Gun Violence – Gun Rights – Gun Regulation
In a polarized society rife with diametrically opposed points of view, the issue of gun rights vs. gun regulation stands out as particularly divisive. In its exploration of this contentious topic, the colloquy will examine the human costs of gun violence, the legal bases underlying gun rights and gun regulation, and the arguments currently being advanced by each side of the gun debate in support of its position. Finally, we will consider whether some kind of middle ground is achievable.
Among the subjects discussed will be the basis of gun rights and gun regulation in Anglo-American common law and under the Second Amendment to the U.S. Constitution (“the right to keep and bear arms”) and how the courts have interpreted these rights over the course of U.S. history, culminating in the Supreme Court’s landmark decision in Heller v. the District of Columbia (2008). We’ll also survey the reasons why people own guns and the increasing level of gun violence. The colloquy will then consider a variety of gun regulation measures that are in effect or have been proposed and try to determine which of these are: a) permissible under Heller; b) likely to achieve their intended effect; and c) acceptable to the American public. Finally, we will discuss whether or not even those proposals that meet these criteria are likely to be enacted into law. Recommended reading: Living with Guns, A Liberal’s Case for the Second Amendment by Craig Whitney.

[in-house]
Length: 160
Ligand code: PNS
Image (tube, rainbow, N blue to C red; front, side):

John O’Shea received BA and MA degrees in English Literature, from NYU, a JD degree from St. John’s Univ. School of Law, and an LLM (Master of Laws in Trade Regulation and Intellectual Property) from NYU School of Law. Retiring after 35 years of the practice of law, John and his wife, Diane, now live in Sedgwick, ME and Jupiter, FL.
Living with Guns, A Liberal’s Case for the Second Amendment by Craig Whitney.
Sign me up!